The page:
Classic definition of a banker: "One who lends you a brolly when the sun is shining and wants it back immediately it begins raining."
Banking's description here is differs very little from the practice of shylocks and gambling. The latter is especially true because of using risk to create lending profiles and interest rates. Of course, the two practices mentioned have lots of unethical practices in them, notably extortion (and related blackmail), harassment of clients, illegal disposal of assets, etc. Is this much different from today's banking system?
How about collapse of much of America's banking sector, yet bonuses were still paid out to top managers! Was this a reward for work well done or even hard work? Is this article surprising in content?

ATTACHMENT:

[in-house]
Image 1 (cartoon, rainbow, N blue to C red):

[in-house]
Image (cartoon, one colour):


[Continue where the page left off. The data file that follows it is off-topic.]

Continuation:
Banking has changed, with poorer economies like Bangladesh and Kenya pointing out the way with their micro-economic models.The latter features mobile banking (M-Pesa in conjunction with trade sites like Kalahari and banks like Equity). Concepts like PayPal can help people who've not been using banks in the past to save when buying products.
Mobile banking is easily accessible, especially to younger generations, and is far more fun when marketing. These trends will eventually phase out anything resembling the banking of old.
Read the Article at HuffingtonPost